PavCo Multimedia Synergistics Weblog

October 31, 2007

Zip Code Fun

Filed under: General — CPav @ 6:30 pm

Lookup some fun information about your local zip code at


Your Vote Needed for High School Football

Filed under: Sports — CPav @ 6:30 pm
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If you have a second, please do Lafayette and Marquette High Schools a favor and click on the below link. This will register a vote to show the Lafayette/Marquette varsity football game on the local CBS channel’s High School Football broadcast.


Vote here


Filed under: General,Literature — CPav @ 6:23 pm
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NaNoWriMo (National Novel Writing Month) starts in just under 5 hours. I don’t know if I’m going to participate this year (and since I haven’t decided at this point, I probably won’t), but it’s a worthy exercise.  The goal is to write a 175-page (50,000 words) novel, starting on November 1 and finishing by midnight November 30.  The goal is quantity, not quality, and it’s harder to do than it sounds.

Check out for more details, and let me know if you’re participating.

A Bard by Any Other Name

Filed under: General,Literature — CPav @ 6:14 pm
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For ages, there has been a debate over who actually wrote the plays and poems attributed to William Shakespeare. The Shakespeare Authorship Coalition has a Declaration of Reasonable Doubt About the Identity of William Shakespeare which can be signed online, urging the legitimization of the authorship discussion. Check it out at

Movie Previews

Filed under: Entertainment,Movies — CPav @ 6:03 pm
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Well, it’s been a while. So long, in fact, that while I was composing my “WTF, Viva Laughlin?” post, CBS up and canceled Viva Laughlin. Of course, all that means is that I paused four days after the “preview”, and didn’t post by the morning after the premiere.

I’ve got a couple of movie preview passes, courtesy of Cinema St. Louis, for screenings coming up in St. Louis. E-mail me if you’d like to see The Kite Runner ( on Sunday, Nov. 4 at the Tivoli at 6 p.m., or Music Within ( at Ronnies 7:30 Tuesday Nov. 6. Also, Fox Searchlight is having numerous previews for a movie called Juno ( Check out to RSVP for a screening near you. The previews for this look hilarious, so I strongly recommend checking this out.

October 15, 2007

Samantha Who? and Viva Laughlin

Filed under: Entertainment,TV — CPav @ 3:35 pm
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A quick note, so you don’t miss this week’s premieres, one at the beginning of the week, and one at the end.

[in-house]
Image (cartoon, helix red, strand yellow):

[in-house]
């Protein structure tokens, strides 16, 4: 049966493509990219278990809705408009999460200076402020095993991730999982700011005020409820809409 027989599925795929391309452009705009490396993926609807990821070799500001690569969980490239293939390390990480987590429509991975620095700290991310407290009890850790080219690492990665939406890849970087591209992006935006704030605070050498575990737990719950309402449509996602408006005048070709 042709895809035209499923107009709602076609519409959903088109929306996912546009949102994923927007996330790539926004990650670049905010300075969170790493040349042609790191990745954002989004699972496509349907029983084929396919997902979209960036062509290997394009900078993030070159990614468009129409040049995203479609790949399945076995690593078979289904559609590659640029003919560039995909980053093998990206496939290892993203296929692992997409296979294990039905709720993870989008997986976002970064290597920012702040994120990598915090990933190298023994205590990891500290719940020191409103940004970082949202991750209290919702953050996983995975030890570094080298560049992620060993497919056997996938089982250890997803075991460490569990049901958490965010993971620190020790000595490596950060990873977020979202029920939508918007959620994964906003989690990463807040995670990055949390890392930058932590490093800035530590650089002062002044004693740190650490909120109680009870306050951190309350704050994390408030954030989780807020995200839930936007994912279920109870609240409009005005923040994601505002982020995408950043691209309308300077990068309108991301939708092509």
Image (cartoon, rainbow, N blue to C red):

Tonight on ABC, we have Samantha Who?, the new Christina Applegate comedy in which the main character is in a car accident and loses her memory. The sitcom follows Samantha (Applegate) as she deals with her mother (Jean Smart) and best friend (Jennifer Esposito) and tries to figure out who she was, and if she really wants to be that person any more. This show is getting good reviews, and I intend to watch.

On Sunday is CBS’ Viva Blackpool, a musical drama produced by Hugh Jackman, and featuring him in a supporting role. Based on a pair of British series, Blackpool and Viva Blackpool, Laughlin follows a fellow’s attempts to open a new casino in the face of opposition from a rival casino owner (Jackman). Oh, and it’s a musical. This is normally the type of show I would really enjoy, and I had been looking forward to it until the reviews started rolling in. They are, to say the least, not positive. I’ll probably try an episode or two anyway, since there’s not much on Sunday that I watch anyway, but won’t stick around if it’s as bad as early reports say. Of course, if it’s as bad as early reports say, I won’t have to decide whether to stick around or not. A number of online television “death watch” pools had this picked to die early, but since it was debuting so late in the season, I figured something else would go first. Now, I’m not so sure.

October 13, 2007

Across the Universe

Okay. We start out with a confession. I was largely introduced to the music of the Beatles in 1987, via the movie Sergeant Pepper’s Lonely Hearts Club Band, starring the Bee Gees, Peter Frampton, and George Burns. That movie is generally regarded with great disdain, and the careers of the Bee Gees and Frampton were never the same (though it may be a reverse causation). But hey, I was 12. It made an impression. When I think of the song “I Want You (She’s So Heavy)”, I still hear Dianne Steinberg and the Bee Gees in my head, rather than the Fab Four.